We open on a flashback to Frank and Claire walking through the streets of Westminster, probably. It's almost strange to see Claire in her natural getup, after so long of seeing her in gowns and tartan. The matching suit and hat are super cute, and she and Frank make a lovely couple. Frank pulls Claire to a stop outside of the Westminster Registry Office, and asks her if she's "ready". 

Claire's confused, naturally, since as far as she knows, they're on their way to meet his parents, whom she has never before encountered. Frank, however, is thinking marriage. It's clear from their conversation that the two of them have discussed it before, and Frank is perfectly comfortable suggesting that they get married. Right here, right now. Claire will never meet Frank's family as anything other than his wife, and the woman he wants to spend the rest of his life with. Awwwww.

Obviously Claire says yes, because she and Frank have discussed marriage and are on the same page. Because this is a show about realistic relationships and people. Claire's not being ambushed by a proposal, it's more of a joyful spontaneous thing. 

And then we cut straight to the exact opposite of that moment. Where Claire's first wedding was a celebration of love and deeply private, her second marriage is literally all for show. A big church wedding, a fancy dress, a husband she barely knows, and a threat hanging over her head. No wonder Claire's not as enthused about this one. The ceremony is over in a blink, and Jamie kisses his bride while Claire wonders how she got here.

With all of that buildup, it seemed logical that we would follow straight through the wedding, right? Instead, the show jumps ahead wildly, landing on Claire and Jamie's wedding night. We get a quick shot of them kissing at the altar, and then it's straight to bed. Literally, in this case, since they are stuck in a room with very little furniture, and the knowledge that they have less than twenty-four hours to consummate their marriage, or else Claire will be tortured. Definitely not a sexy situation.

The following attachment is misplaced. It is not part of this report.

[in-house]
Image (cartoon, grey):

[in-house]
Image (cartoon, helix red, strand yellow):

Jamie's just as uncomfortable as Claire is, to be fair, albeit for completely different reasons. As we've known all along, Jamie is attracted to Claire, strongly, and now he's married to her. Plus, we now know that he's a virgin, and has no idea what his wedding night actually really entails. I mean, he's got a vague and decent idea, but no details.

Given their different emotional states, then it makes sense that the two are on vastly different pages. Jamie starts out by pouring them both some whiskey and toasting to his wonderful wife. Claire drinks the whiskey, and then pours some more. Jamie smiles, thinking that she's going to toast him back, but she just chugs the whiskey, pours another, chugs that, and then gets some more booze ready just in case. Honestly, I'm reminded of a script I once wrote that mentioned drinking so many times that the main note I got on it was "It made me have to go to the bathroom". Claire drinks a lot. I feel like I'm going to start getting sympathy hangovers.